Most people – even if they’ve not the remotest idea where it is – have heard of ACAPULCO. It’s been the grande dame of the Mexican tourist industry since the 1950s, and today Mexico City-by-the-sea is a crazy, tropical party town where the rich and poor of the capital come to play; the swankiest clubs and restaurants nestle in the hills, while the masses pack the beaches, fiesta-style. But what makes Acapulco really special is its stunning bay: a sweeping scythe-stroke of yellow sand backed by the white towers of the high-rise hotels and, behind them, the jungly green foothills of the sierra. Even though the city itself has a population of over one and a half million and hundreds of thousands of visitors come through each year, it rarely seems overcrowded. There’s certainly always space to lie along the beach, partly because of its sheer size, and partly because of the number of rival attractions – everything from hotel pools to parasailing to romantic cruises. If you only do one thing in Acapulco, though, make sure you see its most celebrated spectacle, the leap of the daredevil high divers.
Acapulco’s famed clavadistas (cliff divers) have been plunging some 35m from the heights of La Quebrada into a rocky channel since the early 1920s (organized officially since 1934), timing their leap to coincide with an incoming wave. Mistimed, there’s not enough water to stop them hitting the bottom, though the chief danger these experts seem to face is getting back out of the water without being dashed against the rocks. It could easily be corny, but it’s undeniably impressive, especially when floodlit at night. The dive times – 1pm, 7.30pm, 8.30pm, 9.30pm and 10.30pm – are rigidly adhered to. A typical display involves several exponents, most taking the lower (25m) platform with some diving simultaneously, and a final dive from the upper level after first asking for the Virgin’s intervention at the clifftop shrine. The final diver at the 10.30pm show leaps into the darkness (they turn off the floodlights) with two flaming torches. From the road you can see the spectacle for nothing (get there early), but you’ll get a much better view if you go down the steps from the Plazuela de Quebrada to a viewing platform (M$40) more or less opposite the divers. Get here early for a good position. Alternatively, you can sit in the lobby bar at El Mirador Acapulco hotel; watching from their overpriced La Perla restaurant is not worth it however. To get there, simply climb the Calzada La Quebrada from the town centre, about fifteen minutes’ walk from the zócalo.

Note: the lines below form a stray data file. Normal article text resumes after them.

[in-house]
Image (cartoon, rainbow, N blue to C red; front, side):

The beaches around Acapulco Bay, despite their various names – Tamarindo, Hornos, Hornitos, El Morro, Condesa and Icacos – are in effect a single sweep of sand along what’s known as the Zona Dorada (roughly from where the old town ends at the big Mexican flag to the end of the bay).
From Caleta, a single seafront drive, the Costera Miguel Alemán – usually just “Costera” – stretches from the old town around the bay for 10km, linking almost everything of interest. For authentic Mexican seaside atmosphere it’s hard to beat the stretch of Costera between the Diana Glorieta statue (traffic circle) and the Fiesta Americana hotel, lined with restaurants, bars blaring music and the Paradise Bungee Drop. Stroll along the malecón to soak it all up. The beaches around here are also the place to come if you want to indulge in such frolics as being towed around the bay on the end of a parachute, water-skiing or sailing. Outfits offering all of these are dotted at regular intervals along the beach.
Playas Caleta and Caletilla have a quite different atmosphere from those in the main part of the bay. Both have almost legendary status in Mexico, but it’s the party families come for, not tranquillity. The beaches are actually very small, divided by a small rocky outcrop – they tend to be jam-packed at weekends, with a boisterous, carnival-like atmosphere and every centimetre of sand covered with beach umbrellas and towels. You wouldn’t come here for seclusion, but it’s loads of fun, the water is almost always calm and the beach is reasonably clean. You can sit at shaded tables on the sand, surrounded by Mexican matrons whose kids are paddling in the shallows, and be brought cheap drinks from the cafés behind. From here you can take a water taxi across to Isla La Roqueta, hang out at super-cool Boca Chica, or rent kayaks.
Since 2008 Acapulco has been adversely affected by what locals call “the media war on Mexico” (and you’ll see why if you pick up a copy of state newspaper Vértice). Yet the idea that Acapulco is overrun by gangsters is simply not true, and it’s extremely rare for tourists to be affected by the drug violence. Since 2011 the streets (and skies) have been patrolled by Federal police, making things especially safe. Like any big city, Acapulco suffers some petty crime and the usual rules apply: avoid empty backstreets at night, don’t flash expensive equipment and only take official taxis.
Beyond Acapulco Bay, across the hills to the south, lies another major resort zone known as Diamante, with deluxe hotels lining the coast all the way to the airport and the former village of Barra Vieja. On the way you’ll pass some of the fanciest hotels and villas in Acapulco, as well as some mesmerizing views of the city. Puerto Marqués is the first of the beaches, a sheltered, deeply indented cove with restaurants and beach chairs right down to the water’s edge. Nearby, the Punta Diamante is occupied by the most expensive hotel in Acapulco – the Banyan Tree Resort – but you can continue by road to Playa Revolcadero. This beach, a long exposed stretch of sand, is beautiful but frequently lashed by heavy surf that makes swimming impossible.